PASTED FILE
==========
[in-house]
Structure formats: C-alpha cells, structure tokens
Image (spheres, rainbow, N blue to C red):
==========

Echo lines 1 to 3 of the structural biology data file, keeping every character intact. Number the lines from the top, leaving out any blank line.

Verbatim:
[in-house]
Structure formats: C-alpha cells, structure tokens
Image (spheres, rainbow, N blue to C red):